Fox Creek

One of the gems of the Mount Rogers National Recreation Area is Fox Creek.     Nestled between the south side of Iron Mountain and the north side of Mount Rogers, Fox Creek flows east through about 5 miles of National Forest before entering private property down the mountainside. 

Fox Creek

Lower Fox Creek

The lower section of the creek that lies within the national forest flows through a miniature gorge.  Large boulders and timbers create numerous beautiful pools of water.  Fox Creek Falls, a fan-type cascading waterfall, is a much photographed feature.  The photo below shows Fox Creek Falls from a side angle, a less traditional view.  (Click on any of the photos in this article to enlarge them.)

Fox Creek Falls

The two trips we took to Fox Creek in October revealed remarkable foilage on the moss-covered boulders.  Although past their peak vibrancy, the leaves created a tapestry of color that I needed to capture with the camera.

Fallen Timber and Boulders Create a Striking Foreground

The first day we arrived in the middle of the afternoon.  The sunlight was too harsh for good photography, so we came back the next day in the later afternoon.  The boulders in the creek are quite large; in the photo below, you can see my son Isaac playing on one of them.    

One of the Larger Pools
Autumn Leaves Dress Up Huge Boulders

Upper Fox Creek

The upper part of Fox Creek is formed when Lewis Fork Branch joins the Fox Creek headwater.  At this point, the creek becomes a full fledged, albeit small, trout stream.  A modest, high elevation valley forms between Mount Rogers and Iron Mountain.  The National Recreation Area has a large, split rail fence that runs along Virginia Route 603 for several miles.

Along this section of road is the trailhead for the Mount Rogers Trail, Grindstone Campground, a parking lot for the Appalachian Trail, the Fairwood Horse Camping Area, and the entrance to the unimproved road that goes up to the Scales area of Pine Mountain.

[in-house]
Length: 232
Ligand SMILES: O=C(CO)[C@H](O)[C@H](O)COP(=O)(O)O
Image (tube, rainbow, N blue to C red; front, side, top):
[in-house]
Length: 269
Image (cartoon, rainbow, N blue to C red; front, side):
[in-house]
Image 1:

One Entrance to Upper Fox Creek

Fox Creek in this area is a small, swiftly moving creek with a gentle gradient remiscent of a Midwestern trout stream or an Eastern chalk stream as much as typical freestone stream.  However, the flow of the creek is variable as it is dependent on runoff from Mount Rogers.

Stalking Wild Trout

The views up and down the valley are Western-like.  In fact, much of the Mount Rogers area reminds many people, including me, of the West.  It’s like a little slice of the West dropped into Southwest Virginia.

Evening Glow in Fox Creek Meadow
Fly Fishing for Wild Trout

The large meadows along upper Fox Creek provide many starting points for short hikes.  There are also numerous places to begin longer hikes up Mount Rogers or Iron Mountain. 

Another Entrance to a Meadow in Fox Creek
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3 thoughts on “Fox Creek”

    1. Thank you! All photos on the website are unaltered. (The only alteration, if you call it that, is that I use a polarizing filter on the SLR for most outside photography.) I try to have the photos on the site accurately reflect the region of Southwest Virginia. – Eric

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